Why Planners Won’t Always Help You Achieve Your Goals
If you’re a high-achievers like me, you LOVE buying printed planners.
I used to obsess over which ones to get because there were too many gorgeous planners to choose from. Some years I’d end up with three!
I bought them every January, but by March they were collecting dust on a shelf and completely forgotten about…until December when I’d find them in the planner graveyard.
Who can relate? Raise your hand if you too have a planner graveyard and feel a little guilty every December when you see these sad, beautiful, empty planners going into the recycling bin.
It’s awful, right?
It’s like finding really good leftovers in the back of the fridge that your spouse said they were going to eat and you wanted them, but you didn’t eat them because they weren’t yours – but then they forgot about them and they went bad- and you’re like DAMN IT!
Tell me in the comments if you get me!
Planners don’t work for everyone. For a long time, they didn’t work for me and I couldn’t figure out why.
I was always pretty organized, and I could get things done, but there was something about using a planner I could not stick to it even when I knew it would help me.
I’ve talked with a lot of friends, many who are like GOAL GETTERS and even though they’re doing amazing things, they struggle to consistently use planners, too.
Here’s what I’ve learned about why planners won’t always help you achieve your goals.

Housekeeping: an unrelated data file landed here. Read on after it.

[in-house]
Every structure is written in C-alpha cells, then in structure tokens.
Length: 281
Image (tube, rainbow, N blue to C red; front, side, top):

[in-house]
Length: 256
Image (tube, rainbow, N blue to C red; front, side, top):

It has nothing to do with planners or apps.
If you’re not a person who can stick to using a planner to achieve your goals, it’s because you don’t have the identity of a person who uses planners.
Let me explain.
If you’re an highly-active person and you work out everyday at the same time, that’s part of your identity. You identify as an active person with a consistent schedule. It’s just a part of who you are.
So if you set a goal to do something new – like train for a marathon – you’re going to have less resistance than someone who doesn’t have the identity of a highly-active or consistent person.
Running a marathon may not be easy, but it will FEEL like an easier goal to accomplish because you are used to having a schedule.
You’re already active – you’re not starting from day one, right? So your goal aligns with your identity.
On the flip side, if you’re like me and you go for walks or hikes when you feel like it and do yoga here and there, you may not have a habit of sticking to the same schedule and you may not be highly-active.
You might struggle to achieve the goal of running a marathon if it requires consistent daily actions. Not because you’re lazy or lack willpower, but because you don’t have the identity of that person.
And if you don’t ever feel like you have the identity of an active person, you might run the marathon, be like THANK GOD I’m done, then never do it again. (this is me)
By now you can probably tell that this video isn’t really about sticking to planners – but sticking to ANYTHING you struggle to be consistent with when it comes to achieving your goals.
Most people are very good at certain things. Even if those things are difficult, they know with 100% confidence they can get them done. They don’t feel that resistance, they just do them. Doing them is likely a habit.
Think about brushing your teeth. How often do you fight with yourself over brushing your teeth? You don’t! You just do it because it’s a habit and because you’ve done it a million times. You’re confident you can get it done.
The problem is that most people assume that since they are able to do some things that require consistency, work and discipline, they should be able to do ALL things that require work and discipline.
So they try to do something that requires them to have the identity they don’t yet have, they fail, and what happens?